The co-operative impacted local store owner and businessman H.C. Banks. His store had been serving customers in the area since 1907. Banks contacted the C.P.R. requesting to have the co-operative restrained from doing business on the C.P.R. right-of-way. Settlers were unhappy with Banks and the members of the cooperative reacted by deciding to get into the retail trade. The first item of business was to incorporate under the Co-operative Association Act. In a spirit of fairness to Mr. Banks, the group offered to buy him out, offering him $900 for his building and well, to buy his stock at costs plus shipping, and to pay him $75 for his share in the co-operative telephone system that operated out of the store.

The sale was structured $400 cash down for the building and $300 for the stock. The balance of payments bore 8% interest.

The name Granite Trading Association was adopted, taken the name of Granite Mountain. The founding directors were C.W. Mobley, Henry Calhoun, Wm Sanderson, Gust Annala, and J.A. Carling. Mr. Calhoun was elected president and Mr. Mobley the secretary.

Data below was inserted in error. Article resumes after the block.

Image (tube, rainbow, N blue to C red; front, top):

The Association is one of the oldest operating consumer co-operatives in the province and is famous for its outsized ice cream cones.

Tappen and District Credit Union

  • MS 147
  • Corporate body
  • 1950-1969

The Tappen and District Credit Union [TDCU] was incorporated under the Credit Unions Act on the 31st of October, 1950.

The supervisory committee and treasurer were given instructions by T.A. Switzer, Inspector of Credit Unions. The responsibilities of the directors were also outlined.

According to the organization’s first President, John Allan (Jack) Wilson, the group first met as a study group to discuss the formation of a Credit Union. Once incorporated, the members were faced with the initial expense of $50 for bookkeeping supplies and feared that it might be some time before this expense was recovered. Unsure of how the community would respond to the venture, growth was expected to be slow.

Within three months the new TDCU had made three loans and within six months the bookkeeping expense was recovered. The TDCU joined the B.C. Credit Union League and the B.C. Central Credit Union. Bonding insurance was the next expense, including a Treasurers’ bond. By the end of the first year, the new Credit Union had earned enough to pay a 3% dividend on share capital.

Reporting on the first year of operation were Jack Wilson, President, Vic Collins, Treasurer, M.M. Wilson, President Supervisory Committee, E.J. Blanc, Chairman Credit Committee.